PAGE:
It is no longer science-fiction and the device was discovered in 1998 by accident by Dr. Stuart Meloy, anesthesiologist, when he was implanting electrodes in the spine of a patient who suffered from chronic leg pain.
He was surprised when after turning on the power "the patient suddenly let out something between a shriek and moan." and answered when he asked what was wrong:
"You'll have to teach my husband how to do that."
She had orgasm as "side effect" of the treatment of her pain. Dr. Stuart did a research on 11 women and 10 could achieve orgasm.
I've been searching and all that is being said about this device is the same in different medias:
"In a surgical procedure done in his office, Meloy implants two electrodes from this device into the back of the patient, at the bottom part of the spinal cord. When the electrodes are stimulated with a remote control, "the brain interprets the signal as an orgasm", he said. The device is about the size of a pacemaker and can be turned on and off with a handheld remote control.In a era where women implant silicone all over and surgery became a routine few would stop to think about implanting two electrodes to have a little kick from the remote.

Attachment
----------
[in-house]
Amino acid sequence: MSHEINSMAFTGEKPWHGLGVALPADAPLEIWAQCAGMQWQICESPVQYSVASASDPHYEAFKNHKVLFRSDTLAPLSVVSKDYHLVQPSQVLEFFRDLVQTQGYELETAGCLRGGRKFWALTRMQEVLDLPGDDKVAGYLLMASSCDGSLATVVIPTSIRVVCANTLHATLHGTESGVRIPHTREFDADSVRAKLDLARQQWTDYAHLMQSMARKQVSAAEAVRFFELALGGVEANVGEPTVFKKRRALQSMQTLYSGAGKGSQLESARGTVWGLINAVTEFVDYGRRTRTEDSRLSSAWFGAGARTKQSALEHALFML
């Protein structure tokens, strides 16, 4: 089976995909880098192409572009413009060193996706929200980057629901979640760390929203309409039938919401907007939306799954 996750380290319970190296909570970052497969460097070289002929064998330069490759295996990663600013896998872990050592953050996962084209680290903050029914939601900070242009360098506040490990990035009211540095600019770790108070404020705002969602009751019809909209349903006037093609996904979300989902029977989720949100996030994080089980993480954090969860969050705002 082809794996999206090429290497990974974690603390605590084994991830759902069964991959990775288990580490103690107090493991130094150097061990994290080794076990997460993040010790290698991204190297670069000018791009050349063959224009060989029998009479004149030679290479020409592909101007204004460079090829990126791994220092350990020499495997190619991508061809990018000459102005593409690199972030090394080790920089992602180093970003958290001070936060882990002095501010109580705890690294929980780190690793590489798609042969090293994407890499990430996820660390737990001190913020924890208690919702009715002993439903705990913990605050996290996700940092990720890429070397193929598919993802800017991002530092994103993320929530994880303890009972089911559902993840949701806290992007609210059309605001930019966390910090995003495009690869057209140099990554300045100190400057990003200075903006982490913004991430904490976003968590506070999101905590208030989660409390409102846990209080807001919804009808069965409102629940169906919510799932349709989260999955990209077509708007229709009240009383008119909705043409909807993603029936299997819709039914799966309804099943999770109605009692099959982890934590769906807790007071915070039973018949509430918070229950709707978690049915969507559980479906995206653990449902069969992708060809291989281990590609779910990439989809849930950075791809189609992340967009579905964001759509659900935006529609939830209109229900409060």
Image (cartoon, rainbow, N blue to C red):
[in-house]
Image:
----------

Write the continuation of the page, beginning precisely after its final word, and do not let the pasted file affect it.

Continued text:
Meloy conducted a study of 11 women that he has submitted for publication to the Journal of the American Society of Anesthesiologists.
"Six of them had never had an orgasm before," Meloy said. "Five of them had and then lost the ability. The results were promising in my mind. We were able to stimulate 91 percent of the women, 10 out of 11."
Knowing how FDA, science and medicine has been regulating their treatments we know that the marketing of the device will be determined not on the health of women but on which will be more profitable.